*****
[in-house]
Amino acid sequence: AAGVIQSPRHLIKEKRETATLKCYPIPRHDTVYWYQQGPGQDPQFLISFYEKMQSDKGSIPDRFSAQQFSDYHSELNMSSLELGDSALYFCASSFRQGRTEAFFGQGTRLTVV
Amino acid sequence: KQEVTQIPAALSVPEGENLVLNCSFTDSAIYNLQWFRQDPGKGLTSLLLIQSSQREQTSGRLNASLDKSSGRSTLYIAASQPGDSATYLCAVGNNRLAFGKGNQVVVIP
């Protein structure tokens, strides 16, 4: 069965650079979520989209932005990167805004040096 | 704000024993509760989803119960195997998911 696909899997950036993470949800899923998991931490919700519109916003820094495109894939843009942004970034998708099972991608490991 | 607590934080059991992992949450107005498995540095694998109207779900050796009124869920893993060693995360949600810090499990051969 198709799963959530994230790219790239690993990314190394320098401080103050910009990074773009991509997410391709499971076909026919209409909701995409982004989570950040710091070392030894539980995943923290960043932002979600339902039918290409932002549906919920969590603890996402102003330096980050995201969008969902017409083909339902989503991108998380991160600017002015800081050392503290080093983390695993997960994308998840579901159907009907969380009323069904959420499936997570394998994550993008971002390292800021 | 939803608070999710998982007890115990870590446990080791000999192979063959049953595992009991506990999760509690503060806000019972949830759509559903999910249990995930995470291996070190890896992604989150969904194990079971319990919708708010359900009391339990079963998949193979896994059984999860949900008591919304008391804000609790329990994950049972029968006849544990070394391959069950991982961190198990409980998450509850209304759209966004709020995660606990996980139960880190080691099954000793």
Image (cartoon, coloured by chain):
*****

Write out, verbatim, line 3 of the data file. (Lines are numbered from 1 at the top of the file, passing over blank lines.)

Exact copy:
Amino acid sequence: KQEVTQIPAALSVPEGENLVLNCSFTDSAIYNLQWFRQDPGKGLTSLLLIQSSQREQTSGRLNASLDKSSGRSTLYIAASQPGDSATYLCAVGNNRLAFGKGNQVVVIP